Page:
Additionally, many jobs are becoming available in the criminal justice system as more and more courts are moving towards sentencing drug offenders to counseling in favor of incarceration. And because substance abuse counseling is such a high-stress field of work, there is a very high level of worker turnover, meaning, there are generally more jobs in the field than there are qualified workers.
How Much Does a Substance Abuse Counselor Make?
BLS salary figures for substance abuse counselors place the national average at $39,270 per year, as of May 2014. However, salary estimates are heavily dependent upon the geographic area in which one works. For example, metropolitan areas on the eastern seaboard typically have a much higher median wage. Substance abuse counselors in New York City make nearly $50,000 per year, which places them in the 75th percentile in terms of wages for this occupation. Baltimore is also at the higher end of the pay scale, with substance abuse counselors making an average of $44,000 per year. Further west, yearly wages are much less. In Chicago, the expected annual salary is $35,830 while in Los Angeles, the annual salary is less than $35,000 per year.
What are the Educational Requirements to Become a Substance Abuse Counselor?
According to the, education requirements to work as a substance abuse counselor are extremely varied, perhaps more so than any other mental health profession. In some states, entry-level work can be done with little more than on-the-job training after high school. Workers with this level of education and training cannot be called counselors, per se, as state regulations typically preclude anyone without a master’s degree or higher to call themselves a counselor.
Instead, substance abuse counselors typically must have a master’s degree in psychology, counseling, social work, or a closely related field. Although coursework is focused on addictions and psychopharmacology, greater emphasis has been placed on traditional training in human behavior and counseling techniques over the last few years. For some workers, obtaining a Ph.D. is advantageous, particularly if they wish to enter into private practice or work in a clinical setting. Ph.D. programs in addictions and substance abuse counseling are plentiful, and typically take five years to complete.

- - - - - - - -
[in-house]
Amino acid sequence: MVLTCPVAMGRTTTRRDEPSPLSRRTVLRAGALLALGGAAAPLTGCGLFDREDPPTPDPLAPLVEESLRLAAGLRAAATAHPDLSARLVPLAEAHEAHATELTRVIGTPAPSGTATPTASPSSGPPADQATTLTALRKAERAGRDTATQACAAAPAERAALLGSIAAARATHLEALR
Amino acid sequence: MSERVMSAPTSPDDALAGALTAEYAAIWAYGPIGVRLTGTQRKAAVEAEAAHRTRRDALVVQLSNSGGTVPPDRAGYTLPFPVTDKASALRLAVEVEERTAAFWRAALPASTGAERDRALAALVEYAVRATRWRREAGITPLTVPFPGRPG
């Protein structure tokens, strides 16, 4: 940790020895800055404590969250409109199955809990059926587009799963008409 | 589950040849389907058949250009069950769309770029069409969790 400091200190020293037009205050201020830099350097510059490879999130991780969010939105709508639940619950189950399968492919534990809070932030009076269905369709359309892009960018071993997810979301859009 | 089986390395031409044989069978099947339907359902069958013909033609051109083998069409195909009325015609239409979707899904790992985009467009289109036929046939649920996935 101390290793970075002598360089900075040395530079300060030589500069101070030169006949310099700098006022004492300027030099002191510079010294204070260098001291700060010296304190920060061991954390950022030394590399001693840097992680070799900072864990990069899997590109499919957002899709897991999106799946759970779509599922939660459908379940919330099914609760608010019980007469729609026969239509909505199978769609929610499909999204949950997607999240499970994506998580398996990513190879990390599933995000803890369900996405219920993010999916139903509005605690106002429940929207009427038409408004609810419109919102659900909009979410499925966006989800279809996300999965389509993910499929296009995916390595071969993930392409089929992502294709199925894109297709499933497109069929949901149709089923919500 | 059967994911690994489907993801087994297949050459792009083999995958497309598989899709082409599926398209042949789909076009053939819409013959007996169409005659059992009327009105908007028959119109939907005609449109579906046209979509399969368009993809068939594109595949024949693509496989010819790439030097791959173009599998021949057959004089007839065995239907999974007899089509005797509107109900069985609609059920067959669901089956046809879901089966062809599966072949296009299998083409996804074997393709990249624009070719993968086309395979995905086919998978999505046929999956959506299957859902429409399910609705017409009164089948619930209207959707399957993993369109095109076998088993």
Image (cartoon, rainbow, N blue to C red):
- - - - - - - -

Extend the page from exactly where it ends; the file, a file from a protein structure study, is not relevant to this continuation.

Upon completion of a training or educational program, substance abuse counselors may be required to be certified or licensed. These requirements vary from state to state and depend as well on the employment setting. Individuals that work in a clinical setting such as a private practice or rehabilitation facility are required by law to be licensed by the state in which they live. Various certification programs are also offered for substance abuse counselors with different specialties and varying levels of education through the NAADAC, the Association for Addiction Professionals.
What Skills are Needed for a Substance Abuse Counselor?
Substance abuse counselors require a very specific set of skills. These include:
- Awareness of the disease processes of addiction.
- An excellent knowledge of causes and effects of addiction on both the individual and within the wider community. This includes awareness of local social and cultural influences.
- Outstanding communication skills – they must be able to understand and relate to people in situations very different from their own, they have to be able to gain their trust, gather information and explain solutions in an effective way.
- Good crisis management skills – their role may involve dealing with people in acute crisis scenarios, they must be confident in dealing with this (including suicide prevention techniques).